Neff-Henderson said her chapter members had asked her about the “Jack O’Dwyer allegations about executive pay” at the Society and asked her if the “information is correct?”
She said the survey found that PRS was underpaying its own COO.
Organizations in the $10-$20 million range were looked at, she added. [PRS income is in the $9-$10M range lately after reaching $12M]. She also said the board has reviewed COO Bill Murray’s pay and has “consistently” decided that his performance is “excellent.”
PRS announced at noon today that Murray has a new three-year contract to December 2014. Members will learn his 2012 pay when PRS files its IRS Form 990 in 2013, the Society said.
All would agree, she said, “that we would want to keep someone whose performance is excellent.”
Neff-Henderson was told to “feel free” to call Fiske for a private conversation on executive pay.
Neither he nor the board will disclose terms of his 2010-11 contract.
We applaud Laura for daring to bring up the subject of high staff pay at PRS. She is president of a chapter which has about 100 members and president of Tipping Point Communications. She was previously a reporter for the Progress-Index, the Southwest Times, and News Messenger, and was a PI officer for the superintendent of Petersburg public schools, Petersburg, Va.
We’re trying to relieve PR staff and chapter presidents of the ability to say, “I don’t know.”
Neff-Henderson, who has a BA in journalism and PR from Radford University and a master’s in English from Virginia Commonwealth University, lives with her husband and four children in Disputanta, Va.
Fiske was sent a complimentary subscription to the O’Dwyer NL recently but returned the copies marked “Return to Sender” in large handwriting.
The Society should not compare itself to the major professional groups such those for lawyers, doctors, CPAs and associations.
Their staffs are always headed by one of their own professionals whereas Murray is not a PR professional.
He is in bald violation of the Ethics Code of the Society which forbids blackballing of media or reporters. He delivered such a blackball to us in our own office on March 19, 2010.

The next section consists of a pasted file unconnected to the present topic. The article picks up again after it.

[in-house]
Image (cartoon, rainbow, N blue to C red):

PRS is out of step with the major professions because its board is not “subordinate” to its Assembly which is the case with the other professional groups.
An attempt in 2006 by Central Michigan to bring the PRS bylaws in line with the ABA and AMA was soundly defeated.
None of the other 109 chapters supported Central Michigan, a raw display of the power that the board has over the Assembly delegates (and/or a raw display of the weakness of the Assembly).
The “assemblies” (houses of delegates) of the major professional groups all meet at least twice a year and are run by their own elected officials—not the boards.
These groups and the Int’l Assn. of Business Communicators, a close cousin of PRS, defer half or more of their dues income while PRS books dues as cash in violation of FASB rules.
Renewing Murray saddles the Society with a $2.4 million obligation over the next three years since he will no doubt keep appointees CFO Phil Bonaventura ($221K in 2009), and VP-PR Art Yann ($137K).
Leaders/staff refuse to say when 2010 IRS Form 990 (with pay of top 8 execs) will be filed and available to members. It was withheld from both the 2009 and 2010 Assemblies.
Just about the worst news coming out of yesterday’s tele-talks was that the Assembly Oct. 15 in Orlando will be “dis-assembled,” the 270 or so delegates sent off into 20 or more different rooms to discuss PR topics.
PRS leaders/staff, in exhuming an Assembly-controlling device from the 1990s, are scrapping the bottom of the barrel on how to occupy the delegates and keep them from asking tough questions such as why can’t the member’s directory be PDFed and how long are members supposed to pay nearly 60% of income to the staff when it should be 35-40%?
Last year the delegates spent almost the entire afternoon discussing what is the meaning of PR. They were the only people in the U.S. who had any doubt about what PR is.
The year before was spent on an abortive re-write of the bylaws. Robert’s Rules were trampled on to the extent that all articles adopted are subject to challenge indefinitely because proxies were used.
Such use violated New York State law that says proxies are banned if a group has a specific bylaw against them. That specific bylaw came about when the Assembly adopted RR as its parliamentary authority.
Adoption of RR shall satisfy any state demand for a specific rule against proxies, says RR.
Only a few of the new articles were ever brought before the Assembly and only a couple of vote tallies made it into the “minutes” although RR requires that all tabulated votes be in the minutes.